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French envoy slams Lebanon PM for shifting blame on economic collapse

French envoy slams Lebanon PM for shifting blame on economic collapse

The French ambassador rebuked Lebanon’s prime minister for saying the country was under siege and blamed years of “mismanagement and inactivity” by Lebanese leaders for its economic collapse. For the latest headlines, follow our Google News channel online or via the app. The World Bank has called Lebanon’s crisis one of the worst depressions of

The French ambassador rebuked Lebanon’s prime minister for saying the country was under siege and blamed years of “mismanagement and inactivity” by Lebanese leaders for its economic collapse.

For the latest headlines, follow our Google News channel online or via the app.

The World Bank has called Lebanon’s crisis one of the worst depressions of modern history. The currency has lost more than 90 percent of its value and more than half of the population has been propelled into poverty.

French Ambassador to Lebanon Anne Grillo was speaking on Tuesday in response to a speech by caretaker Prime Minister Hassan Diab, who told envoys that a siege had been imposed on the country and warned of imminent social unrest.

In a recording of her comments circulated by the French embassy on Wednesday, Grillo blamed Lebanon’s “political class” for the downfall.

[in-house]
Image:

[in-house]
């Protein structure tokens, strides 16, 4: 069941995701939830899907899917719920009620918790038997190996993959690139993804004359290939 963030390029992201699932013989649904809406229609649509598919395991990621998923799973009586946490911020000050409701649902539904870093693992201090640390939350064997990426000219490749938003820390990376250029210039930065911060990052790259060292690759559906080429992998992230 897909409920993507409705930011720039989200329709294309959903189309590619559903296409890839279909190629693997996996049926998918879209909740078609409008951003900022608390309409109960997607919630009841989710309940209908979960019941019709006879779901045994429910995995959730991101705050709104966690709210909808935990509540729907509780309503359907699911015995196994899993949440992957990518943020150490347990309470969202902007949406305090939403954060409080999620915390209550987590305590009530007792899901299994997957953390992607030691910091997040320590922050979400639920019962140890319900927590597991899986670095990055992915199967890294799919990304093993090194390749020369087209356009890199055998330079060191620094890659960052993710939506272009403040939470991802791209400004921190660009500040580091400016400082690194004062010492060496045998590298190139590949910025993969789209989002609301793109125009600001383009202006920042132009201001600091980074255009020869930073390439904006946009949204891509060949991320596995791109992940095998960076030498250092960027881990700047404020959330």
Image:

“But what is frightening Mr Prime Minister, is that today this brutal collapse … is the deliberate result of mismanagement and inactivity for years,” she said.

“It is not the result of an external siege. It is the result of your own responsibilities, all of you, for years, of the political class. This is the reality.”

Diab has been serving in a caretaker capacity since resigning in the wake of the catastrophic Aug. 4 Beirut port explosion. Since then, fractious sectarian politicians have been unable to agree on a new government.

Donors have long demanded reforms to stamp out state corruption and waste – widely seen as root causes of the crisis.

Diab had noted repeated calls for assistance to be linked to reform, but said “the siege imposed” on Lebanon was not affecting the corrupt – an apparent reference to politicians.

Lebanese were running out patience and “linking Lebanon’s assistance to the formation of a new government has become a threat to the lives of the Lebanese and to the Lebanese entity”, he said, saying the country was a few days away from a social explosion.

Grillo noted that France, with the backing of other powers, had organized two conferences on Lebanon since the Aug. 4 explosion and was working on a third.

Though Diab’s government was serving in a caretaker capacity, she said it could take steps including implementing a social safety net with World Bank financing.

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